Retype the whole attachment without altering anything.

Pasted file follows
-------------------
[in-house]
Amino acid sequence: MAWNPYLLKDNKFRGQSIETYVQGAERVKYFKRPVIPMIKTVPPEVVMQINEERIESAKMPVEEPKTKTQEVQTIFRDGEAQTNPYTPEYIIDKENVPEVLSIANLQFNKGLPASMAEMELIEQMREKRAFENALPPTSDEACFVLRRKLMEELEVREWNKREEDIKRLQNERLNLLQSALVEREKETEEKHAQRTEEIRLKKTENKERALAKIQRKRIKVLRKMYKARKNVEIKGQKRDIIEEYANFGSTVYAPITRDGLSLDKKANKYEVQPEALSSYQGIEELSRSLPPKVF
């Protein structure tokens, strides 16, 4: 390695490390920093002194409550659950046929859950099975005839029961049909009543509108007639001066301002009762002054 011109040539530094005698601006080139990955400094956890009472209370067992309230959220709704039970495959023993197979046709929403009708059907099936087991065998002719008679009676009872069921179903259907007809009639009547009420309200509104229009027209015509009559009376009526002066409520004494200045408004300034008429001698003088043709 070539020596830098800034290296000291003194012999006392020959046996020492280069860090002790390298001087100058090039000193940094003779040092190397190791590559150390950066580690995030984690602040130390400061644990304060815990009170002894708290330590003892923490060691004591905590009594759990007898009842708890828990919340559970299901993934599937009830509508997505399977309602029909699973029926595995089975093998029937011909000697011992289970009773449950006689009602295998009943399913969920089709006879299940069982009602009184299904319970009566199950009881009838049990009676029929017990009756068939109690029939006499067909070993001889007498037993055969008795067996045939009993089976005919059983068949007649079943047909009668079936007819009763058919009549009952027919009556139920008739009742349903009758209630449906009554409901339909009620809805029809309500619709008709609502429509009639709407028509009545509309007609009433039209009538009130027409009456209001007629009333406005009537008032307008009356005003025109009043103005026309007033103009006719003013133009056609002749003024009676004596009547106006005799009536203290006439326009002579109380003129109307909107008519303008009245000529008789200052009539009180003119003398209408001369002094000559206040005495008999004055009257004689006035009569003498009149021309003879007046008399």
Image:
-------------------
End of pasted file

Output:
[in-house]
Amino acid sequence: MAWNPYLLKDNKFRGQSIETYVQGAERVKYFKRPVIPMIKTVPPEVVMQINEERIESAKMPVEEPKTKTQEVQTIFRDGEAQTNPYTPEYIIDKENVPEVLSIANLQFNKGLPASMAEMELIEQMREKRAFENALPPTSDEACFVLRRKLMEELEVREWNKREEDIKRLQNERLNLLQSALVEREKETEEKHAQRTEEIRLKKTENKERALAKIQRKRIKVLRKMYKARKNVEIKGQKRDIIEEYANFGSTVYAPITRDGLSLDKKANKYEVQPEALSSYQGIEELSRSLPPKVF
């Protein structure tokens, strides 16, 4: 390695490390920093002194409550659950046929859950099975005839029961049909009543509108007639001066301002009762002054 011109040539530094005698601006080139990955400094956890009472209370067992309230959220709704039970495959023993197979046709929403009708059907099936087991065998002719008679009676009872069921179903259907007809009639009547009420309200509104229009027209015509009559009376009526002066409520004494200045408004300034008429001698003088043709 070539020596830098800034290296000291003194012999006392020959046996020492280069860090002790390298001087100058090039000193940094003779040092190397190791590559150390950066580690995030984690602040130390400061644990304060815990009170002894708290330590003892923490060691004591905590009594759990007898009842708890828990919340559970299901993934599937009830509508997505399977309602029909699973029926595995089975093998029937011909000697011992289970009773449950006689009602295998009943399913969920089709006879299940069982009602009184299904319970009566199950009881009838049990009676029929017990009756068939109690029939006499067909070993001889007498037993055969008795067996045939009993089976005919059983068949007649079943047909009668079936007819009763058919009549009952027919009556139920008739009742349903009758209630449906009554409901339909009620809805029809309500619709008709609502429509009639709407028509009545509309007609009433039209009538009130027409009456209001007629009333406005009537008032307008009356005003025109009043103005026309007033103009006719003013133009056609002749003024009676004596009547106006005799009536203290006439326009002579109380003129109307909107008519303008009245000529008789200052009539009180003119003398209408001369002094000559206040005495008999004055009257004689006035009569003498009149021309003879007046008399």
Image: